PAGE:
Russian Module Unexpectedly Fires Thrusters After Docking to ISS

Russian Module Unexpectedly Fires Thrusters After Docking to ISS
The Nauka module moments before rendezvousing with the ISS. (Image: NASA/Roscosmos)

Serious drama unfolded in low Earth orbit today when the newly arrived Nauka module, for reasons unknown, began to fire its thrusters after docking to the ISS. Mission controllers are now working to control what appears to be an ongoing situation.

Nothing appears to be damaged, and NASA says the crew is safe, but things got really weird about three hours after Russia’s Nauka module reached the International Space Station at 9:29 a.m. EDT this morning.

After the rendezvous and docking, ISS crew members went to work, checking for leaks at the interface point, opening the hatch, and integrating computers on the newly arrived Nauka module, also known as the Russian Multipurpose Laboratory.

Suddenly and without warning, at around 12:45 p.m. EDT, Nauka’s thrusters unexpectedly and inadvertently began to fire. This caused the ISS to lose attitude control to the tune of 45 degrees, according to a livestream on NASA TV. It is not yet known what caused the situation to happen. One possibility is that Nauka’s computers thought it was still docking, resulting in the thrusters being fired, but that’s not confirmed.

Flight controllers re-oriented the space station by performing a counterbalancing “roll control” procedure. They did this by firing thrusters on the Russian Zvezda module and a Progress cargo ship currently docked to the ISS. This recovery effort worked, and the ISS has returned to its normal orientation. The station is now back in full attitude control, and no damage or injuries to crew members have been reported. NASA went on to say that crew members were never in any danger during the incident.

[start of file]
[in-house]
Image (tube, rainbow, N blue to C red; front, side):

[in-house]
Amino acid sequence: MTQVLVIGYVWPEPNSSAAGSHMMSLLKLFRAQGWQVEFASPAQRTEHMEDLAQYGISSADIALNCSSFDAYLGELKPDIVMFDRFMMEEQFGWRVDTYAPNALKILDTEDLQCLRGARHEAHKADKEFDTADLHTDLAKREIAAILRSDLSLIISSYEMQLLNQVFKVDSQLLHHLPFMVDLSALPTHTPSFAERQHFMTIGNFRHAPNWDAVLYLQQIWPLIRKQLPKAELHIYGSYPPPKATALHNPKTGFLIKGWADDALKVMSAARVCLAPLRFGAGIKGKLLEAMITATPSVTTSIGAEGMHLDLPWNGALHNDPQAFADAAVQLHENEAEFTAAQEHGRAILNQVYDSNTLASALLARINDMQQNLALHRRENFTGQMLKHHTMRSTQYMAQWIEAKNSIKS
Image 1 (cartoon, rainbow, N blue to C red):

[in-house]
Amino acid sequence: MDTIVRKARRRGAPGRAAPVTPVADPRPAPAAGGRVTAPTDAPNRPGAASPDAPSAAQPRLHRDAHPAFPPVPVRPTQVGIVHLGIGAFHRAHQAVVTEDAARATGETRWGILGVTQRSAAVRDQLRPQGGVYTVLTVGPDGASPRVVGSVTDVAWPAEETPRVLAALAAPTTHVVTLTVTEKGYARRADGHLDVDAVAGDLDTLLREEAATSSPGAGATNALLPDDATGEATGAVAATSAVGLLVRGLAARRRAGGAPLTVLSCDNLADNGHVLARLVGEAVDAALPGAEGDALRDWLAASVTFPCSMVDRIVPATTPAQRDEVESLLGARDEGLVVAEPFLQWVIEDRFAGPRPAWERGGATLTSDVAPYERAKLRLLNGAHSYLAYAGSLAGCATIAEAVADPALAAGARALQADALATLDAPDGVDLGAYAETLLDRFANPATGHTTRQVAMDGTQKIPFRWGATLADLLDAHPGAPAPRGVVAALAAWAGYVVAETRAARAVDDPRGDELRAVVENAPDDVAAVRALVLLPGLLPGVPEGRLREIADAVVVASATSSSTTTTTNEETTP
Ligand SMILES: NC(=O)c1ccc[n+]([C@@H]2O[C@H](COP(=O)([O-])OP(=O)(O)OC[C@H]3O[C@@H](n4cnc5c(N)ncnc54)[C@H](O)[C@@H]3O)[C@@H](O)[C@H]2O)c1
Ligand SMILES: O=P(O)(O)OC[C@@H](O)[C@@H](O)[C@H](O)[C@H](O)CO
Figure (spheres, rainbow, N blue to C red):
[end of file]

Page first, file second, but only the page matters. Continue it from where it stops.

At one point, Drew Morgan from NASA mission control asked the astronauts to look outside to see if they could spot any debris floating around, or if they could see any damage to the station. NASA says the ISS is currently in a stable configuration, and recovery operations are ongoing. This work, it should be pointed out, is being done with a partially fuelled Nauka docked to the station, so the thrusters could still go into action.

Rumours are already swirling that tomorrow’s launch of an uncrewed Boeing Starliner will be cancelled as a result of this incident.

Regular activities for the day have been cancelled at the ISS as the crew and mission controllers on the surface continue to monitor the situation. Again, it’s not known why Nauka’s thrusters began to fire, and an investigation is now pending. This is unfolding incident, and we will update this article as we learn more.

More: Russia’s Nauka module docks at the International Space Station.